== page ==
Ott is 31-years old, and just like Miller, who’s 33, both will be performing the next few months as an audition for a new contract, as the two new Blues will be unrestricted free agents in the summer. Ott has had a respectable season playing for the worst team in the league, scoring 9 goals, 11 assists and earning 55 penalty-minutes through the first 59 games of the season. His best season, in 2010, Ott scored 22 goals while racking up 153 penalty minutes for the Stars. But scoring goals is not why the Blues acquired the services of Mr. Ott; it’s the work ethic, physicality, leadership and hard nose style that Ott brings to a room and on the ice.
Blues leadership of Armstrong, Brett Hull and Ken Hitchcock know the natural intensity this guy exudes night-in and night-out, as they managed, coached and played with him in Dallas.
And yes, the loss of Chris Stewart will certainly be felt on the wing in St Louis, but Ott is more than capable of filling his shoes and then some. Blues fans should feel comfortable that there was an improvement made on the offensive side in this deal.
So when you look at the report card of this trade, it seems that there was a definite upgrade in goal (B+ to A-) and a slight upgrade up front (B- to B), it makes me feel a bit less terrified about shaking up the locker room with a bonafide Cup contender that is 39-13-6 this season.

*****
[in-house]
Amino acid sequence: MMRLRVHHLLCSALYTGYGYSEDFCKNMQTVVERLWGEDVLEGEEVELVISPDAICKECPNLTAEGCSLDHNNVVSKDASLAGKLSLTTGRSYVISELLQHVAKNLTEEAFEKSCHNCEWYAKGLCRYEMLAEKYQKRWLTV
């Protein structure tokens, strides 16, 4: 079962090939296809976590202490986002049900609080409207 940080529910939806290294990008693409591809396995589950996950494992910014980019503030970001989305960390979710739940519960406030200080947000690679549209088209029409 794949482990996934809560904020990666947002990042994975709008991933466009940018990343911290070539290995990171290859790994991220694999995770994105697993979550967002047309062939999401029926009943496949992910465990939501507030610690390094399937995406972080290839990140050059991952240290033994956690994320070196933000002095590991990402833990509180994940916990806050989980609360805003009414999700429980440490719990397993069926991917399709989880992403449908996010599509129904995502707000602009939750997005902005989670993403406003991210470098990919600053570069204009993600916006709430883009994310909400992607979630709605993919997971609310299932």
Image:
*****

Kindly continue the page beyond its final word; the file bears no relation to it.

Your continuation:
The 1st and 3rd round picks sent to Buffalo, along with Quebec Major Junior League scorer, Blues former 2nd round draft pick William Carrier, are completely expendable and are just icing on the cake for the Sabres. Figuring that the Blues will continue to have success, that 1st round pick next year will likely be between the 20th-30th pick overall, so nothing game changing. And with so much youth on the Blues current roster, they are able to take the risk of giving up a small piece of the future in order to obtain a couple of veterans that they think will play large roles in their quest for a Stanley Cup this Spring.
As new Blues forward, Steve Ott, referenced in his press conference a few hours ago, via TSN.CA:
I’m really excited to have this opportunity with St. Louis,” said Ott. “My dream and my biggest goal is to have a chance at a Stanley Cup.
This is the type of role player that the Blues were looking for in former acquisitions, like Jason Arnott and Jamie Langenbrunner, but Ott has the drive, the will and the legs left to make it happen.
And if you’ve read any of my Miller material in the past, you know I’m not a Milliever. But I’m aware of the fact that Miller has the core competencies and skill set to lead a team to a Stanley Cup appearance. He’s lacked big-game ability in his career, but I can confidently say that he has never had a team like the 2014 St. Louis Blues in front of him, playing a defensive team system that has proven to be stifling for even the league’s top offensive threats.
This could be the perfect fit for Miller, who has spent his entire career in underwhelming Buffalo. He will have the chance to be the back bone of this Blues club that hasn’t seen a resume like this in net since Curtis Joseph or Grant Fuhr.
This is the first night in the newest chapter of Blues hockey, and a chapter that hopefully concludes with a parade downtown in June.
We need your help Bleedin’ Blue readers! Comment, Tweet, FB Message, electronic mail us suggestions for a new nickname for our new starting goalie! Because Miller Time has officially expired.